Why can't Royal Mail introduce an annual charity postage stamp? Sign the petition and support the cause!

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09 February 2019
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The US Postal Services' Breast Cancer Research Stamp has raised millions for the worthy cause and given stamps and stamp collecting more exposure. Isn’t it time British stamps started giving something back? Editor Matt Hill thinks so and is inviting collector to sign a petition

Britain may have been the first nation to introduce postage stamps but since then it seems we have often been rather conservative in our approach, perhaps keen to retain an air of dignity and authority, while other countries have explored approaches to design, introduced novel formats and seem more willing to try something new.

In the light of the last few years of Royal Mail issues, and with many collectors protesting that there are simply too many being issued for anyone to keep up, such conservatism may seem like a welcome thing. But the nation’s approach to charity stamps, featuring surcharges to raise funds for worthy causes, seems particularly pedestrian compared to other philatelic bureaux around the world. 

The understandable need to raise funds during wartime saw Britain and its Empire use the postal system to aid the war effort, but since then we’ve seen very little philanthropy on our post.

A 1975 charity stamp for ‘health and handicap charities’ included a surcharge of 1 1/2p with ‘net proceeds… distributed to charities by the Trustees of the Charity Stamps Fund appointed by the National Council of Social Service’, but by all accounts the ‘experimental issue’ was not a rousing success.

Since then?
Nothing.

Collectors of certain countries will no doubt have a variety of examples of postage stamps being used to raise funds in their collections. The Red Cross has long enjoyed receiving funds from the sale of stamps and continues to do so after certain disasters (such as the French issue raising funds for the 2004 Boxing Day Tsunami in the Indian Ocean), giving collectors a poignant theme for a collection.

USA stamp has raised over $87 million for Breast Cancer charities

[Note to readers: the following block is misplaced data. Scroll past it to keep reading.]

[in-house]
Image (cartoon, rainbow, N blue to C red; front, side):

The most recent and resounding example of charity stamps in action, however, must surely be the USA’s breast cancer research stamp (BCRS) which has so far raised well over $87 million.

First issued in 1998, the semi-postal stamp has been reissued repeatedly and, in 2015, President Obama signed Public Law No. 114-99 that extended the sale of the stamp through to the end of 2019.

Isn’t it time we looked at our fellow philatelic bureaux and followed suit with a new charity stamp? 

I have spoken to Royal Mail about the idea of a charity stamp and forwarded them a version of this article and a proposal which outlines the idea in more detail.

The premise, however, is fairly simple, with a surcharge added there is no added cost for the operators, the goodwill would surely give stamp sales a boost and give Royal Mail some positive PR and, of course, money would be raised for a good cause, my suggestion is Cancer Research UK, but the chosen charity could vary each year and even coincide with Royal Mail’s chosen charities, which benefit hugely from the kind donations and fundraising of the company’s staff.

Perhaps there is more red-tape than I imagine, could there be an obvious reason for avoiding such issues in the past that I have missed? Whatever, I thought it worth asking the questions… and months later have had no response.

Sign the petition and help introduce a UK charity stamp

With little feedback from Royal Mail, we have started a petition to see if this approach has more impact.

Why not sign the petition and support the idea of a UK charity stamp?